Fisheries Development and Management Project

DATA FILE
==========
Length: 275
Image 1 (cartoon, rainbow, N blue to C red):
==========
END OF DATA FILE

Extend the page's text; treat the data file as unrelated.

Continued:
Summarizes ad hoc interim evaluation (XD-ABF-037-A) of a project to strengthen the capacity of the Omani Directorate General of Fisheries Resources (DGFR) to improve the management of Oman's marine fisheries. The project design overestimated the absorptive capacity of the DGFR. Its most serious flaw was a last minute decision to reduce the life of the project from 8 to 5 years, and the budget from $40 million to $20 million without adjusting objectives or scope. This mistake was complicated by numerous erroneous assumptions. In direct contradiction to the recommendations of the final evaluation of the precursor Fisheries Development Project, the design assumed that the DGFR had sufficient staff for the project to undertake offshore training and in-country technology transfer (involving a TA team of eight) simultaneously. In fact, the DGFR was unable to provide suitable counterparts, especially for the Resource Management and the Planning, Programming, and Budgeting components, even prior to the scheduled departure of 47 long-term trainees. The design also wrongly assumed strong political support within the DGFR for administrative reorganization and management upgrading, but such support is lacking among senior officials, in part because they perceive, correctly, that their budgeting and management processes cannot be radically altered without concomitant policy changes within the Ministries of Finance and Civil Service. Finally, the design assumed that the DGFR is politically committed to enforcing more stringent fisheries management. As a matter of fact, the Government lacks the political will to regulate domestic industrial and small-scale fishing (the latter alone accounts for 85% of the catch). Fines for violators are low and prosecution rare. Moreover, the Project Paper and the contract lack a clear implementation strategy, i.e., one which highlights the major milestones to be reached each year and specifies which activities are critical to project success. This, along with a lack of shared vision among key players, has hindered implementation. For example, the DGFR viewed the project as primarily a training effort, while the contractor saw it as an institutional development activity. Several key deliverables are behind schedule, while those deliverables that have been produced on time tend to be minor and of uneven quality. Contractor performance on the personnel development component was particularly weak. In sum, the evaluation concluded the project should be redesigned to emphasize DGFR personnel development (the component receiving the greatest support from the host country), eliminate the Planning, Programming, and Budgeting component, and de-emphasize fisheries management and research activities. A clear implementation strategy should be developed, the composition of the TA team should be adjusted, and its size reduced.